Post by rct Post by Jim
After watching the Tiny Terror youtube, I now think that Gary used a
neck position 'bucker, and flipped it around to get an out of phase tone
with both pickups selected.
uh...that's a pretty famous guitar of his that Peter Greene gave him
that had a reversed front pickup. I believe I once read that it
wasn't out of phase, but magnetically opposite, if that makes sense.
Ask Lindy or Joe Barden, they can explain it. Or that Seymour guy.
Post by Jim
But come to think of it, I did the same
thing when I re-oriented the bridge p'up to look like a neck.
Yeah, lots have, by accident and on purpose. Nobody sounds like Gary
Just for the technically minded, "magnetically opposite" is the normal
situation for humbucking strat single coils, where the middle pickup has the
opposite magnetic orientation to the neck and bridge. They are still
normally wired in phase, but the two and four switch positions give
humbucking. The only reason I can see for doing it in a pair of humbuckers
is if you want to coil tap and select, say, the two screw pole coils as a
humbucking pair in the middle+coil tap switch position. This in itself
assumes that the screw poles on the two pickups are wound in the same
direction, eg clockwise. If there is any other reason I would be interested
A couple of things with humbuckers - not all humbuckers have equal
sides to them. For example - a humbucker at 8.5k might have both
coming in at 4.25k but there are a lot of makers that will make
one side at 5k and the other at 3.5k. (obviously both are reverse
wound from each other and in phase)
It will still buck the hum (but not quite as well as an exact match)
but it will give the humbucker a different voicing than a regular 8.5k pickup
dure to the mismatched coils.
So - when you coil tap you might want to check each coil in a humbucker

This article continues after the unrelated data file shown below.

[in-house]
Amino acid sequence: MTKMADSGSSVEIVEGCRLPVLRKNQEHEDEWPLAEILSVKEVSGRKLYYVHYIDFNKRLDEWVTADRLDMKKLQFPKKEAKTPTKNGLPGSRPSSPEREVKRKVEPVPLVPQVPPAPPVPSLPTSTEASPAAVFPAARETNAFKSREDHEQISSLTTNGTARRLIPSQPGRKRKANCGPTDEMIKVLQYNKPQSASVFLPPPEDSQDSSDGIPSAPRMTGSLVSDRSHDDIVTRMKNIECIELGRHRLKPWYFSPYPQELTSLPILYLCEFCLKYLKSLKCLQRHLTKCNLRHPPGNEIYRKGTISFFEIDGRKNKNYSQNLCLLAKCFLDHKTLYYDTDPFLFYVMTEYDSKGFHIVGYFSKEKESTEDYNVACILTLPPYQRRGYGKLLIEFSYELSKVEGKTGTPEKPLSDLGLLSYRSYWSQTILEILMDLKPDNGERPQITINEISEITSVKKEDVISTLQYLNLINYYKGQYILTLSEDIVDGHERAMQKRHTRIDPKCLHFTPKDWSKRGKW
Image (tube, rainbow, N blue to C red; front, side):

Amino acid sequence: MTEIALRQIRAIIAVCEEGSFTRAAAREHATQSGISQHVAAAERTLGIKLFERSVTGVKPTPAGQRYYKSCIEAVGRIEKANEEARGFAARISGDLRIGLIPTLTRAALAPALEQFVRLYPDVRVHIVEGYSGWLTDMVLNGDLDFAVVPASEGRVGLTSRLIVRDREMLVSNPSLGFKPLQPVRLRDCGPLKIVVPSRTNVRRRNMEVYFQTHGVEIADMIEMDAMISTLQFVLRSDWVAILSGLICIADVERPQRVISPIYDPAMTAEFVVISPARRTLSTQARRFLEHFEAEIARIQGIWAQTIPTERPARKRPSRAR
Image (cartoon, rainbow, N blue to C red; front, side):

for its output. Again - most are matching - but some have a hotter side
than the other - something to check. And this way you can determine which
coil you want to tap.
On to the next thing. In a 2 humbucker guitar (or even H-S-H with
a single coil sandwiched in the middle) and you are going to coil
tap one or both humbuckers. It pays to check the polarity of which
coil you are going to tap if you want it to be reverse wound when
used in a position where the coil tapped humbucker is paired up with
another single coil or another tapped humbucker.
This way you can choose the tapped coil to be reverse wound from
the other tapped coil in the other humbucker giving you a noiseless position.
When you tap a humbucker it is essentially a humming single coil. You lose
the 'humbucking'. And if you tap another humbucker and then use the 'in between'
pickup positing you might have 2 humming single coils -- if you chose each coil
to tap as reverse wound from each other then the selection of both tapped
humbuckers would be humbucking (just like a reverse wound in-between humbucking selection
in a Strat or Tele). And of course - you can get a tonal shift by choosing to
tap the inner or outer coil as one coil closer to the neck might produce a better
or worse sound than the coil closer to the brudge. etc and etc.
So it does make a difference whether you tap the inner or outer coil
in a humbucker based on output desired (if the coils are not exact matches)
and the polarity (if you need a coil tap reverse wound from another single coil
or coil tap bucker) so you can have a humbucking position when both pups are selected.
Hopefully this makes some sense. Simply tapping a coil on a humbucker
mindlessly without some thought is easy enough - but if you think it through
then you can tap the coil (with 4 wire lead) and solder it in and do it once and be done
and be pleased with the tones and the coil you decided to tap.
that's my 2 1/2 cents.